- Courtesy of Overnight Projects
If Winooski is "the Brooklyn of Burlington," the city now boasts an appropriate contemporary art installation. The straightforwardly named "Fluorescent Light in Vacant Storefront" is just that. In collaboration with curatorial initiative Overnight Projects, Montpelier artist Chris Jeffrey has filled the Winooski Block building's former Sloane Mercantile quarters with sculptural arrangements of brightly colored fluorescent tube lights.
The most obvious divergence between this and Overnight Projects' four prior installations is that viewers need not be inside the space to see the work. Automatic timers activate the installation every evening from 5 p.m. to midnight, and the electric bars of light and ethereal color fields they create can be spotted even from the far end of the Winooski traffic circle. Passersby on foot or in vehicles simply cannot miss it.
"With these installations," Jeffrey wrote in an email, "I'm hoping to get people to notice that something in their environment is a little different — that the vacant space they are used to [passing] by and ignoring has been transformed in some way."
This is Jeffrey's fifth such project since 2012, and his first outside of Montpelier. The installations emerged from his career as a stained glass artist, illuminating an unexpected but simple link between a centuries-old craft and the hypermodern legacy of artists such as Dan Flavin, Robert Irwin and James Turrell.
"My interest in making [these environments]," Jeffrey wrote, "grew out of my dawning realization that what I love about being a stained glass artist isn't so much the imagery of the windows I am building; it is more the intensity and richness of the colors, and the light that creates and amplifies those colors."
The nomadic Overnight Projects seeks to match artists with empty and often historic spaces. "Chris definitely responds more to the architecture [of a space] than to its history," noted Abbey Meaker. She and Sarah O Donnell launched Overnight Projects in 2015, recently adding Seven Days arts writer Sadie Williams to their team. Meaker and O Donnell had wanted to work with Jeffrey since seeing his "8 Items or Less" installation on Montpelier's Main Street in November 2015, they added.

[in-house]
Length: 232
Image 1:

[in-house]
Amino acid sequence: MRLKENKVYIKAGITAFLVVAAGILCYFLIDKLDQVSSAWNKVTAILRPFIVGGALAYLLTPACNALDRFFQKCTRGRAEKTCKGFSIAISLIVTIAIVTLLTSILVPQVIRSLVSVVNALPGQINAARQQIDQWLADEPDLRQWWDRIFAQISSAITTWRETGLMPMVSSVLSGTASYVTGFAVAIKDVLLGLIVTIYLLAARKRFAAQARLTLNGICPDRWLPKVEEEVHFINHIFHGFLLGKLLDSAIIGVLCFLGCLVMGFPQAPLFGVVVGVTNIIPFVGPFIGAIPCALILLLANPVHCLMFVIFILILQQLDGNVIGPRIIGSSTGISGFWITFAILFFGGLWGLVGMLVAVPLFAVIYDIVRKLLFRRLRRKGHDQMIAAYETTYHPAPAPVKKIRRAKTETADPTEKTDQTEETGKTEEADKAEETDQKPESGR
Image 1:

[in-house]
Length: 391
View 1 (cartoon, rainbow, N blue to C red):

For "Fluorescent Light," Jeffrey has filled the storefront's primary space with two large installations. In the first of these, six stark constructions, each made from three light tubes, lean against the exposed brick wall — a feature of the building that Jeffrey "particularly wanted to draw attention to," he noted. Above the tubes, small spotlights beam circles of various sizes. Jeffrey didn't choose the colors of the plastic sheaths that encase the lights (red and blue) until he had fully conceptualized the sculptural elements.
The second of these large installations is a zigzag of green, purple and blue that spans the entire eastern wall. The tubes are arranged at sharp angles toward the back of the space and spaced more broadly toward the front of the building. Jeffrey has also filled two smaller alcoves with light.
"This is a small space that feels big because of the work," O Donnell said. From the back of the building, the reflection in the front window causes Jeffrey's red-and-blue installation to appear to extend outside and into the street.
Industrial, modern and ephemeral, Jeffrey's installation may serve as an apt metaphor for downtown Winooski, a place that is seemingly always under construction and in transition. No matter what, the work is entrancing. As O Donnell put it, "Art on the walls is easy to walk by."
For those itching to get inside — and the work really should be seen from inside as well as out — a public reception will take place on Saturday, February 25.